The police officers swarming around the scene barely sent a glance her way, most likely too focused documenting the evidence and preventing a crowd to worry about a woman who had managed to calm the only survivor. Or, perhaps, they knew her.
One of the older detectives looked familiar, like the relative of someone she had met previously; or the same person aged several years. After all, she had a brief stint as the fourth member of a vigilante team before her watch had whisked her away. For once it had been fairly chronological, if not entirely continuous: after four months of fighting alongside Apex, Griever, and Silverfang, she had disappeared only to reappear about two years later, a block away from where she was now.
Hari’s crying was tapering off, it seemed, though he wouldn’t relinquish his hold on her. “Shall I carry you, then?” she asked him, and did so when he slowly nodded in return; his short hair ticklish against her cheek.
“Anachron,” the familiar looking detective called to her once she stood, waving her over to join him. It seemed so strange, having people in the past know her by the name she had yet to take up. She hadn’t thought to come up with a new vigilante codename–it had taken her long enough to decide on that one, let alone a second one.
… Although, that would explain why everyone ‘in the industry’ so to speak had looked at her oddly when she announced her choice. To them, it had probably seemed like she had just taken some outdated minor hero’s name and tried to pass it off as her own. Then again, Hari had been rather supportive of her choice so maybe he had known all along.
Considering the weight in her arms, it’s a sound theory.
“Yes, detective?” she prompted, once she got close enough not to need to shout across the crime scene.
“It’s good to see you again, even if under shitty circumstances,” he said, a small smile twitched beneath his mustache, “Thought you had gone for good.”
“So did I,” she said, with a shrug, or as much of one she could manage with a child wrapped around her torso.
The detective nodded, before sobering up, “This is a fucking nightmare, though. The kid shouldn’t have to stay. I know some of the rookies are going to have trouble sleeping tonight.”
Leanne nodded, unsure what else to do.
“Could you keep an eye on him? He seems to like you well enough, and if he is what I think he is, none of my officers will be able to handle him if he acts up.”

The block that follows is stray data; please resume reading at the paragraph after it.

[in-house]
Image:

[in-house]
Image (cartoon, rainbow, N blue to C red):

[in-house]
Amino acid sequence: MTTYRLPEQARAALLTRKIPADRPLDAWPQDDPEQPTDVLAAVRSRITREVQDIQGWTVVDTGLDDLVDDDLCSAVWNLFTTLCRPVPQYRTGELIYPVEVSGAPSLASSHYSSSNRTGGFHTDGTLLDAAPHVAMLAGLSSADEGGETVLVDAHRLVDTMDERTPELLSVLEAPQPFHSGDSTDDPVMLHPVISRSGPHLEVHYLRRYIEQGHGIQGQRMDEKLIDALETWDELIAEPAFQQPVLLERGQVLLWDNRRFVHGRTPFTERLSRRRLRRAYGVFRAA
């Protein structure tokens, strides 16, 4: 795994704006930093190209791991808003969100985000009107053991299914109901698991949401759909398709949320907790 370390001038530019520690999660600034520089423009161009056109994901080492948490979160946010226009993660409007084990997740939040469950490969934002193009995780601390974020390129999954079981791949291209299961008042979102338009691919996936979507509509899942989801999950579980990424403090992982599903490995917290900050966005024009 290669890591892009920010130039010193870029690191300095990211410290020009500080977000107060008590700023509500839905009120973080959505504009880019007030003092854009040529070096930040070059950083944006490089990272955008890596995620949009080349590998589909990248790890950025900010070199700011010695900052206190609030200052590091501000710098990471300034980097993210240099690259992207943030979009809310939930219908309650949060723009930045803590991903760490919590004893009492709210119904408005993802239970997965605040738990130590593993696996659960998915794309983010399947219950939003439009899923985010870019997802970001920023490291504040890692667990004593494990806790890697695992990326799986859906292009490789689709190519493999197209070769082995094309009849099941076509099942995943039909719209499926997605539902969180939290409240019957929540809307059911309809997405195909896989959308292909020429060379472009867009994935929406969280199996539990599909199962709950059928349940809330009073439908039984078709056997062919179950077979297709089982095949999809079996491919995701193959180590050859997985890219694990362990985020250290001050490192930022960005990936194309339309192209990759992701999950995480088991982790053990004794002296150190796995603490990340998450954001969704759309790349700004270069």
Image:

She could feel her mouth flatten into a displeased frown. For all that the intent was good, his word choice could be improved, “What do you think he is?” she asked instead of correcting him.
The detective’s own mouth twisted into a frown for a different reason. He gestured at the crime scene, barely visible through it’s partition of yellow tape and police officers. At the other children, less lucky than Hari, with iridescent red scales or feathery wings or even, she noted with a shudder, with skin the same waxy green of leaves.
Some sick bastard building a menagerie of meta-human children. And while, for now, Hari maintained his human form, it wouldn’t be hard to infer the reason behind his presence.
After the pointed silence, she decided, “I’ll bring him to Kaiza’s. He ought to be checked out by a doctor, anyway.” While she doubted she’d up and disappear so soon after a jump, it’d be better if she set up alternate supervision just in case.
“I’ll let Social Services know,” the detective agreed, before dismissing himself and heading back into the fray.
As she walked away, undeterred by officers beyond a few cautious gazes, she heard Hari mumble quietly, “Anachron?”
It’s the first word he said since she found him, surrounded by corpses and uniforms, not a kindness in sight. She gave herself a moment to compose herself.
“Yes, it’s my codename. The one the police use so I don’t have to tell them my real one,” she explained.
“So the real one is a secret, so the bad people don’t find you,” Hari responded and she could feel her heart breaking.
She smoothed a hand up and down his back, the thin material of his shirt soft from being so threadbare. “Yes, something like that.”
He pulled away from her then, but only enough to look her in the eyes. “What’s your real name, then? You already know mine.”
She smiled at him then, tight and painful, and hoped he wouldn’t notice the difference, “You can call me Ann.”
A/N: This is longer than I thought it would be… but I’m rather satisfied with it. Some team fic feels, because… ripping her away from her time wouldn’t be nearly as terrible a fate if she didn’t love her team. 🙂
Also, I FINALLY CHOSE A VIGILANTE NAME FOR LEANNE! 😀 ‘Anachron’
Man, why didn’t I think of that sooner? It is both ‘not chronological’ which is basically her life and her power, AND you can give her the nickname Ann for both names. IT’S PERFECT!